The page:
“I was just exhausted because it just took everything out of me. I could barely get up and walk 2 feet before I had to hold on to something because I’d have a cough attack.”

After 28 days, Yager said, she started to feel better.

She said she walked around the block to “build up my stamina again.”

Her sense of taste and smell have been altered as a result of having COVID-19.

“When I smell something, I smell something that may be rubberlike,” Yager said. “It really bothers me because I am very much about senses, so that has been completely altered.”

Yager said she keeps track of each day of her life amid the COVID-19 pandemic by keeping a journal of her experiences.

Since returning to school in August, she said, it has been “bizarre” and time has been “sucked away,” but she is able to continue teaching in-person due to the protocols GIPS has implemented.

“GIPS gave us the choice on a survey whether we were willing to be virtual and also in-person — a hybrid teacher — which is what I said I would be,” Yager said. “There was a spot for comments and I wrote, ‘I’m willing to be a hybrid if we have the right protocols in place. I am not coming back if you haven’t thought out how we are doing this with kids.’ If they weren’t going to take it seriously, I was only going virtual. I couldn’t do that to my baby and my family again.”

However, she said, GIPS has taken COVID-19 seriously with its implemented protocols. At Barr, she and her fellow educators have to keep students “an arm’s length apart,” have them use only a specific set of stairs and have them wait until they already are in class to use the restroom.

“We went over stuff for the first week and a half of school; it was a constant harping on kids. You felt like it was militant almost because you really needed to convey that,” Yager said. “The micromanaging is just off the chain now. Kids want to talk with their mask down to their chin. I tell them, ‘I don’t need to see your face.’ I tell them to cover their mouth.”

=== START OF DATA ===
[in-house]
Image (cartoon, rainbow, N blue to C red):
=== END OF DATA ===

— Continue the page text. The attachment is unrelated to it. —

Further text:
Yager said COVID-19 also has altered the way she teaches as she is not able to bond as quickly with her students.

“My forte is being able to bond quickly and I realize that is based on facial expressions,” she said. “It is the way that I joke and can control whether you are off task. But it also is the way that I smirk and the way the kids are smirking back. I now cannot tell if they are smirking when they say a joke. With the way you joke around, this (pandemic) is killing it. The effectiveness of a bond is just strenuous because now my ease of being able to bond so fast is not the same.”

Yager said she hopes to use her own story to teach students — and the community — about the importance of following COVID-19 protocols, such as wearing a face covering and keeping a 6-foot distance from others.

“In general, I always say, ‘We are doing this for each other, not ourselves.’ Wearing a mask is a sacrifice, especially when all of us are over it,” she said. “All I can say is that we have to endure this and we have to think about perseverance. I tell my kids that means that we are going through something hard to get to the end. Eventually, we will see the light, but we are in a dark tunnel right now.”